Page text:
However difficult it may be to avoid consuming it, sugar always seems to find a way to end up in our bodies. Although a small amount of sugar is alright for your diet, large amounts can lead to obesity, diabetes and some cases depression.
According to the World Health Organization, America has the highest obesity percentage in the World. Just over 30% of the population is obese. One of the reasons this number is so high because of sugar consumption.
For the average adult (2,000 calorie diet) 40 grams of sugar is the recommend amount for daily consumption. This number refers to adder sugars, not counting naturally occurring sugars that can be found in fruits and vegetables. Going over the recommended amount can be very easy, in fact on average Americans are eating 88.9 grams of added sugar a day. To give you an idea just how easy it can be, a 12-ounce can of Coke has 39 grams of sugar, putting you right at the recommended daily amount.
To help you avoid all those sugary foods, especially during the holidays, we have compiled a list of natural, healthy sugar alternatives.
Derived from the leaves of the stevia plant of Brazil, this non-sugar sweetener is rapidly gaining in popularity in the U.S. Stevia has the advantage of being up to three hundred times sweeter than table sugar without inducing a glycemic response. Although a 1985 study suggesting that Stevia had genetically damaging effects, recent studies suggesting the sweetener is safe and may even offer health benefits. Stevia is available in a variety of forms in most natural food markets and some mainstream grocery stores.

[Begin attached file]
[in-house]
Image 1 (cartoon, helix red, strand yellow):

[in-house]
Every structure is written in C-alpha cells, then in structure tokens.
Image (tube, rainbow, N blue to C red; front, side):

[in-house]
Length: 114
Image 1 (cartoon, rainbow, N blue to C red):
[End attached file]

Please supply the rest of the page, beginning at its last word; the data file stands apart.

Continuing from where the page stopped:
Honey is making quite the comback in popularity as people turn away from processed sugar and look for a healthy sweetener option. Although it actually contains slightly more calories and carbohydrates than sugar, honey does have a higher mineral content than sugar. Another advantage to honey over table sugar is that it has a strong flavor, meaning less of it is used. Generally, the darker honeys have a stronger flavor as well as a higher mineral content.
Brown Rice Syrup
Commonly used for baking, brown rice rytup is derived from brown rice that’s cooked for a long period of time to create a sweet tasting syrup. The maltose component has a lower glycemic index which means it doesn’t cause rapid fluctuations in blood sugar and insulin level as does table sugar. It’s made up of both maltose and glucose and has a higher protein content than most healthy sweeteners.
Molasses is a thick sweet, syrup derived during the manufacture of sugar from sugar cane. There are different types of molasses based on the level of extraction. The sweetest comes from the first extraction and is known as light molasses. The darkest form, blackstrap molasses, is the least sweet, and is derived from the final extraction. Although it doesn’t offer a significant caloric advantage over table sugar, it is higher in vitamins and minerals.
This is another syrup derived from the sweet sorghum grain. It has a flavor somewhat similar to molasses and is rich in the minerals calcium, potassium, and iron. It can be used in baking or in recipes that call for molasses, maple syrup, or honey. Sorghum is also a rich source of phytochemicals which have antioxidant activity.